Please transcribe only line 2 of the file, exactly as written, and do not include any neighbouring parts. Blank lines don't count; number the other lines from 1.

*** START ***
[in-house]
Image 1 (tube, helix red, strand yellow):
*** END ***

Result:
Image 1 (tube, helix red, strand yellow):